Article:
"...evolution works without either plan or purpose."
Darwin called The Origin of Species “one long argument,” and it was a theology-laden argument against creation by design. Many people have the mistaken impression that Darwin’s theory was accepted because he provided so much scientific evidence for it (he didn’t). Instead, his theory was accepted because it fit the increasingly secular spirit of the times. ...
So Darwinian evolution is not so much a scientific theory as it is a secular creation myth. According to Mr. Wilson, “Darwinism, as is shown by the current state of debate, is resistant to argument because it is resistant to fact. The worship of Darwin as a man, the attribution to him of insights and discoveries which were either part of the common scientific store of knowledge or were the discoveries of others, this is all necessary to bolster the religion of Darwinism.”
"Mr. Wilson’s book is not flawless, but on this point he’s right."
“Almighty God, Who hast created man in Thine own image, and made him a living soul that he might seek after Thee, and have dominion over Thy creatures, teach us to study the works of Thy hands, that we may subdue the earth to our use, and strengthen the reason for Thy service; And so to receive Thy blessed Word that we may believe on Him whom Thou hast sent to give us the knowledge of salvation and the remission of our sins. All which we ask in the name of the same Jesus Christ our Lord.”
“The highest point we can, I think, ever reach is a law of succession of forms, each implying a harmonious reference to an archetype, and each having indications of the action of a final cause—i.e. of intelligent causation, or creation. My belief is: 1st, that Darwin has deserted utterly the inductive track—the narrow but sure track of physical truth,—and taken the broad way of hypothesis, which has led him (spite of his great knowledge) into great delusion; and made him the advocate, instead of the historian—the teacher of error instead of the apostle of truth (361).”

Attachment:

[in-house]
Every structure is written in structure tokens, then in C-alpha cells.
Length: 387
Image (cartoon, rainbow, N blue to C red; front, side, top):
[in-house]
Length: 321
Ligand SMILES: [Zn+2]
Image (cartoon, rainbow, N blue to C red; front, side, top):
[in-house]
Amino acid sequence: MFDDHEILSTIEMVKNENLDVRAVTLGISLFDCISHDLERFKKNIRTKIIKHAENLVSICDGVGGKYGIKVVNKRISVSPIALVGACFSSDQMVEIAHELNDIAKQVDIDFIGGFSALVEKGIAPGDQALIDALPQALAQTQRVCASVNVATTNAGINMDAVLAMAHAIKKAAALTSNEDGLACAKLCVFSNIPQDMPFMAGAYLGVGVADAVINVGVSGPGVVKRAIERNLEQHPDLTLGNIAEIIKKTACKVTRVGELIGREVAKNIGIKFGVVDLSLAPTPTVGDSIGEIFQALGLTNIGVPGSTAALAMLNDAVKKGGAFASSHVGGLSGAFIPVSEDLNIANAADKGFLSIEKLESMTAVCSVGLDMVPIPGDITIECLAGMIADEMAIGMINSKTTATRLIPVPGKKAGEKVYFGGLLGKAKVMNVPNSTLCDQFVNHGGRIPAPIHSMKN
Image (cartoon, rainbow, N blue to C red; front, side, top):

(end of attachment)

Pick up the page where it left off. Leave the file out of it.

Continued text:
"The Origin of Species" supplies abundant evidence of theology in action; as Dilley observes:
I have argued that, in the first edition of the Origin, Darwin drew upon at least the following positiva theological claims in his case for descent with modification (and against special creation):
1. Human beings are not justified in believing that God creates in ways analogous to the intellectual powers of the human mind.